FD&C Red No. 3
INS No. 127
E 127
EINECS No. 240-474-8
CAS No. 16423-68-0
CI Food Red 14
CI No. 45430

Physical Description

Erythrosine is principally the monohydrate of 9 (o-carboxyphenyl)-6-hydroxy2,4,5,7-tetraiodo-3H-xanthen-3-one, disodium salt, with smaller amounts of lower imidinated fluoresceins. Erythrosine is a bluish pink dye that lends a pink shade to applications.

Common Uses

Erythrosine provides a watermelon-red color when used in foods and pharmaceuticals. Erythrosine is used to color dietary supplements, confections, beverages, cereals, ice cream cones, frozen dairy desserts, popsicles, frostings and icings, baked goods, dried fruit, frozen breakfast foods, and processed foods (fish, meat and egg products).


JECFA (2018)
EU Commission Regulation (EU) No 231/2012

Codex GSFA Provisions

Erythrosine is added to foods at concentrations up to a maximum permitted level (MPL) in 6 food categories, including candied fruit, chewing gum, decorations, toppings (non-fruit) and sweet sauces, fermented vegetable and seaweed products, processed comminuted meat, poultry, and game products as well as in whole pieces or cuts, as established by the Codex Alimentarius Commission and published in the General Standard of Food Additives (GSFA).

Regulatory Approvals

USA: FD&C Red No. 3 is  subject to certification and may be safely used for coloring foods generally (including dietary supplements) (21 CFR 74.303) and ingested drugs (21 CFR 74.1303) in amounts consistent with GMP

JECFA: ADI of 0-0.1 mg/kg body weight (86th meeting, 2018)

EU: ADI of 0-0.1 mg/kg body weight (EFSA, 2011). Erythrosine is exclusively authorized for use in cocktail and candied cherries, and Bigarreaux cherries (94/36/EC).

Safety Assessment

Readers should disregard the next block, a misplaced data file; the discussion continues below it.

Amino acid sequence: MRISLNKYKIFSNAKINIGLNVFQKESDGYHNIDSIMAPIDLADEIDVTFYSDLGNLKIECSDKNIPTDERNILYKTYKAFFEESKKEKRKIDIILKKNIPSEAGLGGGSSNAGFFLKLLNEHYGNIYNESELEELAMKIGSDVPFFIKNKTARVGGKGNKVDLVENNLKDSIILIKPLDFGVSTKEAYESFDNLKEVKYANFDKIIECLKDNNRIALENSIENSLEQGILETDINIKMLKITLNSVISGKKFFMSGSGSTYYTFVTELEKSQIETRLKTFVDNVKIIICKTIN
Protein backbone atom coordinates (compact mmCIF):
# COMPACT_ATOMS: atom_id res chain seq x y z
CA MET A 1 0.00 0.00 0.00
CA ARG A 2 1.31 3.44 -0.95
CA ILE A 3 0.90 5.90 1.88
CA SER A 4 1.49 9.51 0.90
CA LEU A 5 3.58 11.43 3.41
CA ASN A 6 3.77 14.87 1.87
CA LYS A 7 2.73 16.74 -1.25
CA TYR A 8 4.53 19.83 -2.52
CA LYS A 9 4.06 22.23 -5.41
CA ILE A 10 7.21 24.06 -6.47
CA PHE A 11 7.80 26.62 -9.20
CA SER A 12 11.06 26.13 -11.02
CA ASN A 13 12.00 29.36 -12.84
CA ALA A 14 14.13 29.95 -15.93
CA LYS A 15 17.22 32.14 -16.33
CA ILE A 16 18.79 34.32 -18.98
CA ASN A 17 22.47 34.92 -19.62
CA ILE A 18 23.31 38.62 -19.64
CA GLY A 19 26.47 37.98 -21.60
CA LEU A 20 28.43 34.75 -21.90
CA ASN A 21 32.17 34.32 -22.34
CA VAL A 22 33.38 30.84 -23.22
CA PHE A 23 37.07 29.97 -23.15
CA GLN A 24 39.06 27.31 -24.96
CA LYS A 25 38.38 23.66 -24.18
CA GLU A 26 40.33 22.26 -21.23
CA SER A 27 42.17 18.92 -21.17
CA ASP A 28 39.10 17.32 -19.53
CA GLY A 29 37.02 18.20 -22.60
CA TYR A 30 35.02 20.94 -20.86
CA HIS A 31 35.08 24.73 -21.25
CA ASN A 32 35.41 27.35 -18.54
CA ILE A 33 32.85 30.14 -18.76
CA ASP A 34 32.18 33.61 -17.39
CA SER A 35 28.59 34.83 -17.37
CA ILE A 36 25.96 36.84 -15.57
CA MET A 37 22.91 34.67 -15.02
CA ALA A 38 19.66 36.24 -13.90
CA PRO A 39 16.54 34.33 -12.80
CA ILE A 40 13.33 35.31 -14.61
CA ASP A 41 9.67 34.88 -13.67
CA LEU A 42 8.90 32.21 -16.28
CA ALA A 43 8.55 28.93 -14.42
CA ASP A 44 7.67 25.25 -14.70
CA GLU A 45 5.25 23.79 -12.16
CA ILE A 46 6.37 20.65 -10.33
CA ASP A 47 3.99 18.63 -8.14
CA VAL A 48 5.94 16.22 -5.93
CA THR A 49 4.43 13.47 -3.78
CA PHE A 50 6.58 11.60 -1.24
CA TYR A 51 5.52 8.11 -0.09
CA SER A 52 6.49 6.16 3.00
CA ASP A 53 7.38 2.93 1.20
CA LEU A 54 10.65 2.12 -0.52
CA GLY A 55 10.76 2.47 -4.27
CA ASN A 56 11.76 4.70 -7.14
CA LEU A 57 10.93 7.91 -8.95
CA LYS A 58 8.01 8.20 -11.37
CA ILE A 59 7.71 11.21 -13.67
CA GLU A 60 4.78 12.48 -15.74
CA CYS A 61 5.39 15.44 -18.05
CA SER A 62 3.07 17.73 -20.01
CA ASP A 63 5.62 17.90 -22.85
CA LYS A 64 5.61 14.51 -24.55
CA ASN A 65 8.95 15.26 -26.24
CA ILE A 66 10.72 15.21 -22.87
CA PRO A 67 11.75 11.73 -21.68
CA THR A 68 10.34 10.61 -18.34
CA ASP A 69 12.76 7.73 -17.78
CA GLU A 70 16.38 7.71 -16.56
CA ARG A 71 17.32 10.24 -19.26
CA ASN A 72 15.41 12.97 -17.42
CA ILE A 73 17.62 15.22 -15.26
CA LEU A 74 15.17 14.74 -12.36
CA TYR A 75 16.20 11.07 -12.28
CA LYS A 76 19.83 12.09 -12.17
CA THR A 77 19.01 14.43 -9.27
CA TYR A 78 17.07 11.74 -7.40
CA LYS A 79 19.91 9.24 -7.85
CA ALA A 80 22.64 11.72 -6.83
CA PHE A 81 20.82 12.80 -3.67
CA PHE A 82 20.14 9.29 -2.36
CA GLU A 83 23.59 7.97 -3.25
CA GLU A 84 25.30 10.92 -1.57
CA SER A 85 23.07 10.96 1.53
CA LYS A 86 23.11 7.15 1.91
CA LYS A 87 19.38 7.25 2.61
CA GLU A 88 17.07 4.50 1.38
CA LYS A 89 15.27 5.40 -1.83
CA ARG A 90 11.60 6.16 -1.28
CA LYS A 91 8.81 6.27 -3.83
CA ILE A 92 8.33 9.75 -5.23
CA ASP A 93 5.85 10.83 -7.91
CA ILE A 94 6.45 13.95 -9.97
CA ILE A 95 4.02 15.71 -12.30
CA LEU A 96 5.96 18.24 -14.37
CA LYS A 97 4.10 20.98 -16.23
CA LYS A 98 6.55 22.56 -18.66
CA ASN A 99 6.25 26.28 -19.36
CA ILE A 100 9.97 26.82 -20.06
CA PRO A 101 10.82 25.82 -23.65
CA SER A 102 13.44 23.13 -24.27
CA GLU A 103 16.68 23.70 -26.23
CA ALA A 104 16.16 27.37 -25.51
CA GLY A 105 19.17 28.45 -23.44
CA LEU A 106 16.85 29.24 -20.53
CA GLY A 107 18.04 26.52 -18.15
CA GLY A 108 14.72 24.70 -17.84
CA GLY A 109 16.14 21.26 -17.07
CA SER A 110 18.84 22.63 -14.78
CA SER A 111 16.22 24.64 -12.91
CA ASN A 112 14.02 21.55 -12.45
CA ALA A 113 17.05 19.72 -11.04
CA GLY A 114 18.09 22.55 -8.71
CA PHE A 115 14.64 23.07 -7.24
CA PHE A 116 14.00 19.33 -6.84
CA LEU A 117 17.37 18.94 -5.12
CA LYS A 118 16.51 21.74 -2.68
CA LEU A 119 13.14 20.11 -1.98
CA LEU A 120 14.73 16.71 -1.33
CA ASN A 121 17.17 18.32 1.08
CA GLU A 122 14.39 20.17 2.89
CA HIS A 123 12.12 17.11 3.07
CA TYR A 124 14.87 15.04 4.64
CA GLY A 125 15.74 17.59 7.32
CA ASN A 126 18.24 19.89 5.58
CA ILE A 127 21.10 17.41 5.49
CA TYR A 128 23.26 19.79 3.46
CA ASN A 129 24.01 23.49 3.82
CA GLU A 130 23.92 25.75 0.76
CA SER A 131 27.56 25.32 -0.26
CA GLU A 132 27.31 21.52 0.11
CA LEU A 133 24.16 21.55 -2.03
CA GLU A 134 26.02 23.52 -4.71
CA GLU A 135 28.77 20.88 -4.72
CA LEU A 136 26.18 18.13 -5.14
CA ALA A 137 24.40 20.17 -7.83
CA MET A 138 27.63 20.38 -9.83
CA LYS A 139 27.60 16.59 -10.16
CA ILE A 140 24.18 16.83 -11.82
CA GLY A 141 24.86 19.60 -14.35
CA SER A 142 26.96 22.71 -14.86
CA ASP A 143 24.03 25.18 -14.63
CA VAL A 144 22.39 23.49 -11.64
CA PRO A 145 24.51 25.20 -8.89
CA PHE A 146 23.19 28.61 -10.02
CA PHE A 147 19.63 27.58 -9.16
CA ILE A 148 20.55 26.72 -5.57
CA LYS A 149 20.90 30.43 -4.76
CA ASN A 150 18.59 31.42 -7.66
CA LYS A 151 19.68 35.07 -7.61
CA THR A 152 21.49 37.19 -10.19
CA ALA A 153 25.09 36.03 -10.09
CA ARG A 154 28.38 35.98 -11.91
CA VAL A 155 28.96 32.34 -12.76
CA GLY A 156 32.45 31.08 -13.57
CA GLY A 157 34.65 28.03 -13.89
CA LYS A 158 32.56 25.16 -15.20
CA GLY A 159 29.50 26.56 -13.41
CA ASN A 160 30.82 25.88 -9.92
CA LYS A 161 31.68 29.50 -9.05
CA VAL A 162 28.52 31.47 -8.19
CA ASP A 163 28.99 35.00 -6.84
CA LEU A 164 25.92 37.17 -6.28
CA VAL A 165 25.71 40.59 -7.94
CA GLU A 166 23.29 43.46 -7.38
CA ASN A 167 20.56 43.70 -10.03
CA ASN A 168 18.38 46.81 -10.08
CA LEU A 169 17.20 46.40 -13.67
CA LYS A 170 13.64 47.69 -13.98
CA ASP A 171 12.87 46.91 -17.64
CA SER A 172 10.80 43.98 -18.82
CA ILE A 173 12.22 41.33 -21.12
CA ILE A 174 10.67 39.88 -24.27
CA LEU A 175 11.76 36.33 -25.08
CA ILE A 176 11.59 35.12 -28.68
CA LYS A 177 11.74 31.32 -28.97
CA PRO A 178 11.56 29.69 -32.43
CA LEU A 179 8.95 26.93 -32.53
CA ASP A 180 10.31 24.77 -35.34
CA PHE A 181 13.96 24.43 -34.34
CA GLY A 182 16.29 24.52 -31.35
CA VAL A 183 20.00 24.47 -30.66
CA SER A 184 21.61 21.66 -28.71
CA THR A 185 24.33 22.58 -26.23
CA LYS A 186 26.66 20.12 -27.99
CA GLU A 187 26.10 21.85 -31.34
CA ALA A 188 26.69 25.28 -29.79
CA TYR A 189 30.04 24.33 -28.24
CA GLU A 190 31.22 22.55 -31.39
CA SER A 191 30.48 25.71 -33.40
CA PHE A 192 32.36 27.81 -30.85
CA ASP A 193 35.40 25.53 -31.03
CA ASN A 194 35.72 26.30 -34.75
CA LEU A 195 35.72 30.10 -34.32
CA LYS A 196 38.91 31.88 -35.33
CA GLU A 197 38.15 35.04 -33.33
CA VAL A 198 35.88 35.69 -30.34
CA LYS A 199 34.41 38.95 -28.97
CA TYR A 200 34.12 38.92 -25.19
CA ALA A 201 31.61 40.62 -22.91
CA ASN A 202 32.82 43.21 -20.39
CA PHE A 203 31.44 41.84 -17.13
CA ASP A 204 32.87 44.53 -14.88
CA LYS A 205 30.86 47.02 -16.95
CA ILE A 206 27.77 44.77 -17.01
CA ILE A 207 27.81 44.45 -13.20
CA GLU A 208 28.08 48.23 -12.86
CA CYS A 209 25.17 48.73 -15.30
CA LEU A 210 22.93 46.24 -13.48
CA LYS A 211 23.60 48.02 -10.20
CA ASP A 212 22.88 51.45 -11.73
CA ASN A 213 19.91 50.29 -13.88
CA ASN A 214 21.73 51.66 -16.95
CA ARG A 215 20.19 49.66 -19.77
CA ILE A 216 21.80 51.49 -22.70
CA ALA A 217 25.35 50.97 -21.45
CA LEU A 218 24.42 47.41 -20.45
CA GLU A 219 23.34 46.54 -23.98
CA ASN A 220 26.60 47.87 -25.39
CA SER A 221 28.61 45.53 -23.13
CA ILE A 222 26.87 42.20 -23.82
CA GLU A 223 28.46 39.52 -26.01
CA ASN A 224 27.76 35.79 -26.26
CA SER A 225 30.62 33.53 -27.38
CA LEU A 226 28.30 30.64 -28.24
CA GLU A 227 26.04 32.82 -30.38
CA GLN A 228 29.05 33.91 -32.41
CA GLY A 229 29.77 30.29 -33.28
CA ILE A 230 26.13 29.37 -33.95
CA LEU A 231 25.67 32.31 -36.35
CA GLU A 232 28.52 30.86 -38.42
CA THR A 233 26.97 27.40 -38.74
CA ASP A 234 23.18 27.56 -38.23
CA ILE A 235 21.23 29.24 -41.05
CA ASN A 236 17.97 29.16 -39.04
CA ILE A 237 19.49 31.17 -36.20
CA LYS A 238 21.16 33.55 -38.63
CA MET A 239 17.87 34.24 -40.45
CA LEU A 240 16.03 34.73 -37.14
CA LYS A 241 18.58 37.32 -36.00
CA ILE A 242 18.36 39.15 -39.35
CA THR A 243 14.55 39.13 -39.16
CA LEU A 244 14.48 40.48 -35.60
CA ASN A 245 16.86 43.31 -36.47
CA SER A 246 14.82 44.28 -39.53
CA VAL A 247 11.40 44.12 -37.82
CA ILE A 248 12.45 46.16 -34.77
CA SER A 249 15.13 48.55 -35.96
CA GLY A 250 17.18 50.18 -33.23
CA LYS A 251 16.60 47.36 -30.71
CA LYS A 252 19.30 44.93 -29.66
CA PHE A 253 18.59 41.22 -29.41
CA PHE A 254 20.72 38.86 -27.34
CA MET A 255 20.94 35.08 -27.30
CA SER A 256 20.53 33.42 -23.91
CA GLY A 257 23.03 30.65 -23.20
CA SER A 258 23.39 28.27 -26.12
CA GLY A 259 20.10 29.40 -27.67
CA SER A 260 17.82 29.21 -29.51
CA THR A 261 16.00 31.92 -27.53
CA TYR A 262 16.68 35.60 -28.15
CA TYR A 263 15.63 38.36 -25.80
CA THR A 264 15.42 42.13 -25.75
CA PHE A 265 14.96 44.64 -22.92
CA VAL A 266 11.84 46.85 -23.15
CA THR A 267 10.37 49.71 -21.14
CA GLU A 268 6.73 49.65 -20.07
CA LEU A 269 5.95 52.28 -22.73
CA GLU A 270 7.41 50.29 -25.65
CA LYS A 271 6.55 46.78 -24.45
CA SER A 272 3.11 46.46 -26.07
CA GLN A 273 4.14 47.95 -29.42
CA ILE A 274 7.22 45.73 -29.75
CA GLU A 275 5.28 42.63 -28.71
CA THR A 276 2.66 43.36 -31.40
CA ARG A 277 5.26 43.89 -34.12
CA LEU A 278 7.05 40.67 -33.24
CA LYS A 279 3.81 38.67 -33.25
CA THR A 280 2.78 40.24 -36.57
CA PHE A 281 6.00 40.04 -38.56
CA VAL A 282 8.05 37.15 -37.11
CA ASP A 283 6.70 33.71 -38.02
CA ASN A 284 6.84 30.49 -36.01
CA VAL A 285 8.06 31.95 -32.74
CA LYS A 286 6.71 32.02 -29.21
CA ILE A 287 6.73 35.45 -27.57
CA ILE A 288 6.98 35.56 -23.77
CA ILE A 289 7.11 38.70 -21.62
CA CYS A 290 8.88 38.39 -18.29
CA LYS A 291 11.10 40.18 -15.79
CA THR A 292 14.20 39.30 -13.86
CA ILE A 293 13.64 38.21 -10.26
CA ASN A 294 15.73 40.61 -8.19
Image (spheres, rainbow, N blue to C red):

Erythrosine is a xanthene dye permited as a food color in China, the EU, the USA and other regions. Exposure to erythrosine from its use as a food color additive is generally well below the established ADI of 0.1 mg/kg bw per dayThe most conservative estimated intake of 3.2 mg/person per day (0.053 mg/kg bw per day) for the general population is approximately 50% of the established ADI. Therefore, current use patterns do not present safety concern for consumers.

During its recent evaluation, JECFA indicated that the newly available evidence indicates that there are no concerns with respect to genotoxicity and reproductive and developmental toxicity of erythrosine. The previously established ADI of 0–0.1 mg/kg bw is based on a NOAEL of 60 mg per person per day (equivalent to 1 mg/kg bw per day for a 60 kg person) identified in a human study, with a default uncertainty factor of 10.

Safety Reviews

EFSA Panel on Food Additives and Nutrient Sources added to Food (ANS); Scientific Opinion on the reevaluation of Erythrosine (E 127) as a food additive. EFSA Journal 2011;9(1):1854. [46 pp.]. doi:10.2903/j.efsa.2011.1854. Available online

Joint FAO/WHO Expert Committee on Food Additives (2018).  Evaluation of certain food additives.  WHO Tech. Rept. Ser. No. 1014.  Available online